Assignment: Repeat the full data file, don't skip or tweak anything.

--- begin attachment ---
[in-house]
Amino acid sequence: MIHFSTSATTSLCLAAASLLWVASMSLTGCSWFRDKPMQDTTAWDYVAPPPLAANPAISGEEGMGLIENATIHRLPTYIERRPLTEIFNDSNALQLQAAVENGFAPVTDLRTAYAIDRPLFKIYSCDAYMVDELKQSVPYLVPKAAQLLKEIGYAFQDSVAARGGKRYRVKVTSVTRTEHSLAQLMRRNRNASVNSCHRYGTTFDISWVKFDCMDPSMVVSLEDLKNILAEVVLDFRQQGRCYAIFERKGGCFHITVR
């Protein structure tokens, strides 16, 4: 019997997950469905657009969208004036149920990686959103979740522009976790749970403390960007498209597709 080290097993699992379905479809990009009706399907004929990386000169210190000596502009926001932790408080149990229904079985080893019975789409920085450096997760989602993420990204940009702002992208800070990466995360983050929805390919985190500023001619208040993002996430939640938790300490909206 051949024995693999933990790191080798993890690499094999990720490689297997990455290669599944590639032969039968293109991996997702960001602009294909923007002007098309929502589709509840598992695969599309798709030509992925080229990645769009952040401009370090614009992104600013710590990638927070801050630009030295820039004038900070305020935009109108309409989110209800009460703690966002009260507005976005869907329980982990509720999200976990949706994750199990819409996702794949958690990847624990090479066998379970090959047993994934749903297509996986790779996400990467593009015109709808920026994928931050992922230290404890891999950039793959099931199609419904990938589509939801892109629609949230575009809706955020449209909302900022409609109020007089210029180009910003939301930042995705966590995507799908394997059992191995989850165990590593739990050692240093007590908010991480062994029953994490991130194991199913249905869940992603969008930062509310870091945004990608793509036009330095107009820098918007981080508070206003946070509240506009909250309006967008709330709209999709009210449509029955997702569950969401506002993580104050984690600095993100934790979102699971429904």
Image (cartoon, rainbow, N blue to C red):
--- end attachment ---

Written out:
[in-house]
Amino acid sequence: MIHFSTSATTSLCLAAASLLWVASMSLTGCSWFRDKPMQDTTAWDYVAPPPLAANPAISGEEGMGLIENATIHRLPTYIERRPLTEIFNDSNALQLQAAVENGFAPVTDLRTAYAIDRPLFKIYSCDAYMVDELKQSVPYLVPKAAQLLKEIGYAFQDSVAARGGKRYRVKVTSVTRTEHSLAQLMRRNRNASVNSCHRYGTTFDISWVKFDCMDPSMVVSLEDLKNILAEVVLDFRQQGRCYAIFERKGGCFHITVR
């Protein structure tokens, strides 16, 4: 019997997950469905657009969208004036149920990686959103979740522009976790749970403390960007498209597709 080290097993699992379905479809990009009706399907004929990386000169210190000596502009926001932790408080149990229904079985080893019975789409920085450096997760989602993420990204940009702002992208800070990466995360983050929805390919985190500023001619208040993002996430939640938790300490909206 051949024995693999933990790191080798993890690499094999990720490689297997990455290669599944590639032969039968293109991996997702960001602009294909923007002007098309929502589709509840598992695969599309798709030509992925080229990645769009952040401009370090614009992104600013710590990638927070801050630009030295820039004038900070305020935009109108309409989110209800009460703690966002009260507005976005869907329980982990509720999200976990949706994750199990819409996702794949958690990847624990090479066998379970090959047993994934749903297509996986790779996400990467593009015109709808920026994928931050992922230290404890891999950039793959099931199609419904990938589509939801892109629609949230575009809706955020449209909302900022409609109020007089210029180009910003939301930042995705966590995507799908394997059992191995989850165990590593739990050692240093007590908010991480062994029953994490991130194991199913249905869940992603969008930062509310870091945004990608793509036009330095107009820098918007981080508070206003946070509240506009909250309006967008709330709209999709009210449509029955997702569950969401506002993580104050984690600095993100934790979102699971429904």
Image (cartoon, rainbow, N blue to C red):